Top-down rule from DC isn't working, and in fact it's making people miserable and ready to think unthinkable thoughts about civil war. Pro-Trump and anti-Trump sentiment is destroying social cohesion, the real "law" in any society. And for what? Miniscule policy differences between two parties that will never lift a finger against war, state power, entitlements, or the Fed?
It takes 70 million votes to control the White House, and the (deep) administrative state may be beyond the reach of even an overwhelming political majority. No matter where you sit ideologically, the risk of becoming a marginalized political minority grows as state power grows. It is time to stop trying to capture DC and start talking about realistic breakaway or federalist solutions, even under the umbrella of an ongoing federal state. The elections of 2018 and 2020 won't settle our problems, but only make them worse. At least 50 or 60 million Americans, a group far larger than most countries, will be politically disenfranchised and ruled by a perceived hostile government no matter what candidates or parties prevail.
If breaking up seems unthinkable, so does civil war. Is it written in stone that 330 million people must live under one far-flung federal jurisdiction, no matter what, forever?
Dr. Guido Hulsmann joined the Tom Woods show last week to discuss his work on the cultural and political consequences to inflation - a subject often neglected by most economists.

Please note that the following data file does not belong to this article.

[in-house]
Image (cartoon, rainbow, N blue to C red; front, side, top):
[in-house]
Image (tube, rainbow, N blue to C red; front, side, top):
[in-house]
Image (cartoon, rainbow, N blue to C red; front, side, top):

To read more about Dr. Hulsmann's work on the topic, check out his book The Ethics of Money Production.
When I was in Congress and had to regularly fly between DC and Texas, I was routinely subjected to invasive “pat-downs” (physical assaults) by the Transportation Security Administration (TSA). One time, exasperated with the constant insults to my privacy and dignity, I asked a TSA agent if he was proud to assault innocent Americans for a living.
I thought of this incident after learning that the TSA has been compiling a “troublesome passengers” list. The list includes those who have engaged in conduct judged to be “offensive and without legal justification” or disruptive of the “safe and effective completion of screening.” Libertarian journalist James Bovard recently pointed out that any woman who pushed a screener’s hands away from her breasts could be accused of disrupting the “safe and effective completion of screening.” Passengers like me who have expressed offense at TSA screeners are likely on the troublesome passengers list.
Perhaps airline passengers should start keeping a list of troublesome TSA agents. The list could include those who forced nursing mothers to drink their own breast milk, those who forced sick passengers to dispose of cough medicine, and those who forced women they found attractive to go through a body scanner multiple times. The list would certainly include the agents who confiscated a wheelchair-bound three-year-old’s beloved stuffed lamb at an airport and threatened to subject her to a pat-down. The girl, who was at the airport with her family to take a trip to Disney World, was filmed crying that she no longer wanted to go to Disney World.
The TSA is effective at violating our liberty, but it is ineffective at protecting our security. Last year, the TSA’s parent agency, the Department of Homeland Security (DHS), conducted undercover tests of the TSA’s ability or detect security threats at airports across the country. The results showed the TSA staff and equipment failed to uncover threats 80 percent of the time. This is not the first time the TSA has been revealed to be incompetent. An earlier DHS study fund TSA screenings and even the invasive pat-downs were utterly ineffective at finding hidden weapons.